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Question
QuickView
Choices
Curve Question
Difficulty
Psg/Game/S
Difficulty
Explanation
PT60 S3 Q10
+LR
Most strongly supported +MSS
A
4%
158
B
2%
156
C
87%
165
D
2%
153
E
4%
158
136
145
154
+Medium 146.416 +SubsectionMedium

Here we have an MSS question which we know from the question stem: The statements above, if true, most strongly support which one of the following, assuming that the widely accepted physical theories referred to above are correct?

We should note that the question stem tells us that we will encounter “widely accepted physical theories” in the stimulus, and that we will have to accept them as true in order to find our answer.

We start with a scientific phenomenon: there’s a black hole with a ring of gas orbiting around it. This ring of gas is emitting an x-ray that’s flickering as 450 times per second. You find yourself stopping right about now and wondering what the heck is going on here. Here’s the thing: I don’t know how gas rings emit x-rays, and fortunately, I don’t have to! It’s very easy to get lost in the science of a stimulus like this but if we just take this stimulus sentence by sentence, I promise you we’ll be able to ascertain everything we need to in order to succesfully answer the question.

The second sentence introduces us to the “widely accepted physical theory” referenced in the question stem. We’re told that the rate of flickering (of the x-rays) can best be explained if the ring of gas has a radius of 49 km. The LSAT is doing something tricky here: they are emphasizing the uncertainty of this theory by noting that it’s widely accepted (not universally) and using the phrase “best be explained” instead of something more definite. Here’s the thing: we don’t need to worry about the accuracy of this theory because the question stem tells us that we are “assuming [this theory] is true.”

So let’s look at these first two sentences together: black hole is orbited by ring of gas, x-rays flickering at 450 times per second, and a theory tells us that this means the ring of gas has a radius of 49 km. We already know that for our purposes, this theory is true. Therefore, we can say confidently: the ring of gas has a radius of 49 km.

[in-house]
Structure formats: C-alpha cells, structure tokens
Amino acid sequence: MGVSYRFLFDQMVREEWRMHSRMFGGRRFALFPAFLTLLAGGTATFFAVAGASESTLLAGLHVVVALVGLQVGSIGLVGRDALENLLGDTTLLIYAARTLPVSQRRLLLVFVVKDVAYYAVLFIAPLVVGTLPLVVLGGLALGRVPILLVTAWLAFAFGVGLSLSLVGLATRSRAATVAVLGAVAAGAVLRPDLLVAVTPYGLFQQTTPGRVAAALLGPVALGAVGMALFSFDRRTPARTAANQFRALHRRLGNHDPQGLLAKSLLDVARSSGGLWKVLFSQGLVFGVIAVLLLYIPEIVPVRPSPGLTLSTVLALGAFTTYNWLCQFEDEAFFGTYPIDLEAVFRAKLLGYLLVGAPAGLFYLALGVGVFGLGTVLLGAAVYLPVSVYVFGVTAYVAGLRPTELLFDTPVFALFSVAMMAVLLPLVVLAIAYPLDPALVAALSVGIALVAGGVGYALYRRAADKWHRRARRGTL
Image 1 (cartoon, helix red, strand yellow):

Ok onto the third sentence. We’re told that the ring of gas could not maintain an orbit so close (i.e. 49 km away) unless the black hole was spinning. Well what does that tell us? The black hole must be spinning! The final sentence is phrased in such a way to suggest that this last piece of information is paradoxical or hard to reconcile with the previous two sentences–but it’s not! Our first two sentences have demonstrated that our ring of gas is 49 km away, and our third sentence tells us that given this proximity, our blackhole is spinning.

This stimulus is confusing because it is very hard to visualize. I’d definitely recommend drawing a diagram if that helps you. But at the end of the day, we have three straightforward, interconnecting facts: a ring of gas is emitting x-rays at a certain rate, that ring of gas must be 49 km away from the black hole (the black hole is at the center of the circle created by our gas ring, and radius is the distance from the center to the edge of a circle), but the gas ring couldn’t be 49 km away unless the black hole is spinning. Our simple, straightforward synthesis of this information is that the black hole, therefore, is spinning!

Answer Choice (A) We don’t know anything about rings of gas with a radius above 49 km. Our final sentence says that our gas ring couldn’t maintain an orbit so close without the black hole spinning. This doesn’t tell us anything about how the black hole would behave if the radius was larger.

Answer Choice (B) We simply know that there is one ring of gas in a stable orbit around a black hole that emits flickering x-rays. We do not have any conditionals here that tell us that this is the only type of ring of gas that emits flickering x-rays.

Correct Answer Choice (C) Great! This matches up with how we synthesized the stimulus. We have clearly outlined how our stimulus supports this answer choice.

Answer Choice (D) We don’t know what causes the black holes to spin. We know that the spinning of the black hole is connected to our gas ring maintaining a close orbit, but we have no information about a causal link between the x-rays and the spinning of the black hole

Answer Choice (E) We know that if a gas ring is orbiting around a black hole at a radius of 49 km, then the black hole is spinning. We don’t know anything about the way that black holes behave when they are orbited by a ring with a larger radius.